Genetic logic, the method of logical analysis inaugurated by Edmund Husserl, has open new and wide horizons in studies of the foundations of the sciences. Husserl’s innovations, however, were rendered less effective and less acceptable by an injection of metaphysical views (as first observed by Nicolai Hartmann) resulting in obscurities and misunderstandings. Curiously, as Husserl’s metaphysics stiffened with age, his logic was worked to a deep and pliable technique, and his later writings (Formal and Transcendental Logic, for example) are a blend of logical insights and questionable assertions on the transcendental ego and intersubjectivity. This blurring of the distinction between logic and metaphysics hardly makes for an attractive presentation, least of all to an outsider who has not been broken in to Husserl’s manifold quirks. Genetic logic must be freed from all remnants of idealism if it is to become an autonomous discipline, as Husserl himself might have wished before 1929. The present note is meant as a step in this direction.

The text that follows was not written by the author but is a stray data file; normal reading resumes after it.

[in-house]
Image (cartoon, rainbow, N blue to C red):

KeywordsCausal Investigation Prior Concept Metaphysical View Dialectical Structure Grothendieck Topology
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